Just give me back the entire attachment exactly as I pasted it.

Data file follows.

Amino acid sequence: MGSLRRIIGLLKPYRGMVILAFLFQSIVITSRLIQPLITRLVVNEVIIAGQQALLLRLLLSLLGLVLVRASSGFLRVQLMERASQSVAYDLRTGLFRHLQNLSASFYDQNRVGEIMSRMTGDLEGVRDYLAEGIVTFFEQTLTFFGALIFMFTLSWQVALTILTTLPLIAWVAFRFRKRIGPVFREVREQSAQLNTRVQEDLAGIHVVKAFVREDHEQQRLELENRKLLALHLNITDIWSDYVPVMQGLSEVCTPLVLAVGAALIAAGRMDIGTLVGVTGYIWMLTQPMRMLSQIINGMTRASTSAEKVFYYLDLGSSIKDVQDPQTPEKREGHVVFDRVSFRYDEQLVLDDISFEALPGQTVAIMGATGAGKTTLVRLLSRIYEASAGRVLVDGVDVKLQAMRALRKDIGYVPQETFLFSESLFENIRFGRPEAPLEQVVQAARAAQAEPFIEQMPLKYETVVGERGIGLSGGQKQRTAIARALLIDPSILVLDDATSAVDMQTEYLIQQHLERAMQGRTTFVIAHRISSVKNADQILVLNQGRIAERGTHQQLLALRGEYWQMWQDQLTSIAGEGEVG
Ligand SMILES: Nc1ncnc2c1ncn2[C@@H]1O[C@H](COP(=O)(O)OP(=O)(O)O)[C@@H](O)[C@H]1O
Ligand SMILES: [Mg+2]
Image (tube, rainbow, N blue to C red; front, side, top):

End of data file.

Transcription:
Amino acid sequence: MGSLRRIIGLLKPYRGMVILAFLFQSIVITSRLIQPLITRLVVNEVIIAGQQALLLRLLLSLLGLVLVRASSGFLRVQLMERASQSVAYDLRTGLFRHLQNLSASFYDQNRVGEIMSRMTGDLEGVRDYLAEGIVTFFEQTLTFFGALIFMFTLSWQVALTILTTLPLIAWVAFRFRKRIGPVFREVREQSAQLNTRVQEDLAGIHVVKAFVREDHEQQRLELENRKLLALHLNITDIWSDYVPVMQGLSEVCTPLVLAVGAALIAAGRMDIGTLVGVTGYIWMLTQPMRMLSQIINGMTRASTSAEKVFYYLDLGSSIKDVQDPQTPEKREGHVVFDRVSFRYDEQLVLDDISFEALPGQTVAIMGATGAGKTTLVRLLSRIYEASAGRVLVDGVDVKLQAMRALRKDIGYVPQETFLFSESLFENIRFGRPEAPLEQVVQAARAAQAEPFIEQMPLKYETVVGERGIGLSGGQKQRTAIARALLIDPSILVLDDATSAVDMQTEYLIQQHLERAMQGRTTFVIAHRISSVKNADQILVLNQGRIAERGTHQQLLALRGEYWQMWQDQLTSIAGEGEVG
Ligand SMILES: Nc1ncnc2c1ncn2[C@@H]1O[C@H](COP(=O)(O)OP(=O)(O)O)[C@@H](O)[C@H]1O
Ligand SMILES: [Mg+2]
Image (tube, rainbow, N blue to C red; front, side, top):